Pedestrians vs. Bicyclists: How to Make Peace

In this op-ed special to The Sacramento Bee, Michael Andersen of PeopleForBikes and Melissa Merson of America Walks make a convincing argument for protected bike lanes to improve both bike and pedestrian safety by getting cyclists off the sidewalk.
Elvert Barnes / flickr

It's illegal in many (if not most) places to bike on sidewalks, and it's dangerous, not only for pedestrians, but for cyclists themselves. Yet cyclists continue to do it for a very simple reason: it's perceived to be safer than the alternative—biking in the street with traffic.

"People bike on sidewalks for two main reasons: because they’re looking for a space that’s physically separated from cars and trucks, or they’re traveling against traffic on a one-way street," write Anderson and Merson.

Nobody prefers to ride a bicycle on a sidewalk next to people on foot, who are inherently unpredictable: they may suddenly stop to tie a shoelace or turn to look in a storefront window.

The best way to get bikes off sidewalks is to construct protected bike lanes, they argue. "Protected bike lanes sharply reduce sidewalk biking, resulting in fewer clashes, recent city studies shows," they write.

Well-designed, protected bike lanes, which use posts, curbs or parked cars to divide bike and auto traffic, create a safer solution to both of these needs. In project after project, adding a protected bike lane to a street has sharply cut sidewalk biking even as it greatly increased bike traffic.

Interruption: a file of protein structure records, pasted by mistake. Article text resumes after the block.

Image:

And they have evidence from D.C., Manhattan and Brooklyn to prove their point that protected bike lanes protect pedestrians from cyclists as much as they protect cyclists from motor vehicles. Anderson and Merson wrote this piece to add Sacramento to the below list.

  • On L Street in Washington, D.C., bike traffic jumped 41 percent with a new protected lane, and the number of bikes on sidewalks fell 27 percent. 
  • With a protected lane project on Columbus Avenue in New York City, bike traffic jumped 56 percent; the number on sidewalks fell 46 percent. 
  • On Brooklyn’s Prospect Park West, biking soared 190 percent; sidewalk riding plummeted 81 percent.
"Sacramento’s capital improvement plan calls for spending $5 million each of the next three years to build new streets and widen old ones," they write.
Diverting just $1 million of that to create 35 miles of protected bike lanes each year (that’s at $30,000 per mile) would increase the long-term capacity of Sacramento’s street system by making biking a safe and comfortable alternative to the car – while also making walking on sidewalks safer and more pleasant.
With this type of evidence, it's easy to see why two of America's top bike and pedestrian advocacy organizations have united to support protected bike lanes in Sacramento, or in any city for that matter.
Full Story: A solution for bikes and pedestrians

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